In the old days when press releases were always printed onto A4 paper, stuffed into envelopes and sent to journalists in the post (can you believe that was how it was done?), it was reasonably easy to format it how you wanted without fear of things getting messed up. Now press releases are sent by digital means, controlling the format of a press release is more difficult. The rule here is keep it simple. Whatever you do avoid colour, fancy fonts or ‘clever’ formatting. It looks amateurish and is very unlikely to arrive at its destination looking how your first intended.
This shouldn’t be too long and should be in sentence-case. That means the first letter should be a capital and proper names should start with capitals, but the rest should be in lower case. Some people think that headlines should be all capitalised but this actually just makes them harder to read and annoys journalists.
Don’t forget most people will be reading your headline in the subject line of an email or on a website. Short and lower-case is much easier to consume than long and capitalised.
You can follow two lines down with a sub-heading. This is optional but can be useful to highlight another angle to the story that may grab people who haven’t been drawn in by the main headline. However, the sub-heading is losing favour in the days of digital press releases as it can be better to just go straight into the first paragraph in the body of an email. This is especially pertinent if using press release distribution services that send out alerts which just include the headline and first few lines of a release.
The first paragraph should be just one sentence. Between each paragraph should be an extra space – ‘double spacing’ between paragraphs. It can make it your release easier to read by breaking up the blocks of text.
Quotes should attribute the speaker, including full job title, and follow the following convention:
ResponseSource founder and chairman Daryl Willcox said: “Your quote goes in speech marks like this, with a full stop inside the speech marks.”
Once you’ve introduced someone with their full title like that you can then just use their first name or surname (but be consistent).
Facts should be included in the main text of the release. Many people make the mistake of putting facts in quotes. For example:
Daryl said: “Ten per cent of press releases come from digital marketing agencies, PR agencies should sit up and take notice.”This is a fact mixed up in a quote. A better way to write this would be:
Ten per cent of press releases come from digital marketing agencies. Daryl said: “PR agencies should sit up and take notice.”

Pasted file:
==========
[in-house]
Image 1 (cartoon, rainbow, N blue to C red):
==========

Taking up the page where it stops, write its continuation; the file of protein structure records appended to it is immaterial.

If you are using statistics from a reputable third party, always cite the source – it adds weight.
You should avoid assuming too much knowledge on behalf of the reader, it will bog people down. So avoid jargon. Unavoidable acronyms should be spelt out first with the acronym in brackets, and then you can use the acronym – for example, public relations (PR).
At the end of your release you must put your contact details. Some people put their contact details at the top – this worked OK in the days of paper but it doesn’t work so well online. Whatever you do, do not miss out the contact details. Include the name, email address and phone number of the person you want to take calls from the press (yourself, presumably), plus the full address of the company. You can include two sets of contact details, one for yourself and one for the spokesperson you have quoted in the release. Apart from ensuring journalists can follow up the release it also lends gravitas.
Once you’ve written your press release and formatted it correctly, including a snappy headline that includes your primary keyword (the word or phrase you would imagine someone searching on), then you’re ready to unleash it upon the world. Before you do though, if you’ve quoted anyone or mentioned a customer it is considered good practice to get approval from these parties before you send it. One trick to avoid people meddling with your hand-crafted release is to ask them to just check facts and quotes for accuracy. Oh yes, and make sure there are no spelling or grammatical mistakes in your release – you’d be surprised how many of these kinds of mistakes we see on the ResponseSource Press Release Wire – get a couple of reliable colleagues to read it through very, very carefully.
Go to the next in the series: Press release writing and distribution part five: distributing your press release
Check out all the posts in our full blog series on press release writing and distribution